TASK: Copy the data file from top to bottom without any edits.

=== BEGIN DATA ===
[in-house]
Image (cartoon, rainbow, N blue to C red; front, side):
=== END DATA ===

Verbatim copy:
[in-house]
Image (cartoon, rainbow, N blue to C red; front, side):